Tribute to Amy by Robin Erb – Detroit Free Press Medical Writer

9 05 2012

Amy Rauch Neilson redefined the word “battle.”

When it comes to cancer, that word is often overused and exaggerated. Most people do what the doctors tell them and hope and pray for the best.

Not Neilson. The Belleville writer and mother of a frog-loving little boy named Theo would have none of that. She died Sunday at 43, but not before a public knock-down, drag-out fight with the cancer-causing genetic mutation, BRCA1.

She chronicled her life with cancer on her blog,, had nearly finished writing a book and was twice featured in the Free Press.

But the chromosomal misprint threaded through the Rauch family predisposes carriers to cancer, especially breast and ovarian. It most likely killed her mother and grandmother. For carriers of the BRCA1 and BRCA2 mutation and their loved ones, life’s decisions — marriage, children, jobs and health insurance — become painful considerations of mortality.

Rauch Neilson asked doctors after her 2006 treatment to slice away her ovaries and breasts. Her reasoning: Take away cancer’s real estate so it can’t return.

But in January 2011, relaxed and warming herself by the fireplace after a winter romp outside with her husband, Don Neilson, and son, Theo, she found another lump — this one grape-sized — wedged between her breast implant and skin.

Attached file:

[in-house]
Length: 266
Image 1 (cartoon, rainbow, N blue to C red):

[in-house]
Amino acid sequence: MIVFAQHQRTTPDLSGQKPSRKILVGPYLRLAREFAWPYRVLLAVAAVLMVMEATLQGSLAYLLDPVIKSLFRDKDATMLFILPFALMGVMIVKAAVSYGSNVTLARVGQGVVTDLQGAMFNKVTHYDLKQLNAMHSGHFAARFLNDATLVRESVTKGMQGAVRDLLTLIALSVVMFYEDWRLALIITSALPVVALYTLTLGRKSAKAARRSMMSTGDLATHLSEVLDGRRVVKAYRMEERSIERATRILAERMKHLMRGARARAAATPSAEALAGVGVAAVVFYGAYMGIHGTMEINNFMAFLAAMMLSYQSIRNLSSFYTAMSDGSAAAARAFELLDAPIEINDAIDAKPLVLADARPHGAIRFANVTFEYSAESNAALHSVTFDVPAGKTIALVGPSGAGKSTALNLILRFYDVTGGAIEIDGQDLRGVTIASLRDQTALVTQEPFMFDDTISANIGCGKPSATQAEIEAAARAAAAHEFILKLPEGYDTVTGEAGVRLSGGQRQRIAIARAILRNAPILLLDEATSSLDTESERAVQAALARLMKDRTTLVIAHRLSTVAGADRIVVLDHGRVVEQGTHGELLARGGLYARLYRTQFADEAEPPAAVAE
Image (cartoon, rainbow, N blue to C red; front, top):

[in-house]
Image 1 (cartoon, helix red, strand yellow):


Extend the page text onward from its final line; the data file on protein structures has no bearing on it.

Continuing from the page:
“She was devastated by the second diagnosis,” said longtime friend Kristi Kahl, 43.

Frustrated and angry, she ran into the snowy winter blackness one night soon after the diagnosis, Rauch Neilson told the Free Press last year. Outside the family home on Edison Lake, she glared skyward to where God might be: “Are you kidding me? Are you kidding me?” she screamed.

Then she turned to her writing.

“Since I was 8 years old, I knew I was a writer. I followed a very predictable path to realizing my dream,” she wrote. “But all this time, I tried to deny what I knew was a big part of what I’d been put on this Earth to do — provide as much real, no-holds-barred information for women with breast cancer, and in particular, those who carry the BRCA1 or BRCA2 breast cancer genes — as I could.”

Loved ones and strangers read of Rauch Neilson’s lonely and tear-filled moments, but also everyday pleasures — watching Theo hang bulbs on the Christmas tree, a ride on a tractor with her husband on a chilly winter day and gluing glitter on a pair of black pumps with a friend for a Bras for a Cause fund-raiser.

In person and online, she was “uplifting and funky (and) passionate about everything,” Kahl said.

Whether at cancer awareness events, at the grocery story or on family vacations, Rauch Neilson became a walking dictionary for anyone who would listen to information about cancer-fighting foods, clinical trials and phrases such as “PARP inhibitors” and “lymphocytes.”

She posted new research and news stories on her blog for others diagnosed with cancer.

“First and foremost, she wanted to beat this for her son,” said Dr. Dana Zakalik, Rauch Neilson’s oncologist at Beaumont Hospital in Royal Oak. “But she also wanted to be an example and inspiration for other patients. She attacked this with great enthusiasm, great optimism and great belief.”

By December, the cancer had spread to her bones. Rauch Neilson joined friends and loved ones at a local park, where they set sky lanterns in her honor.

Now, family and friends will work to get a book published about her cancer. She finished it in the fall and had been in the process of organizing its chapters and getting it edited, Kahl said.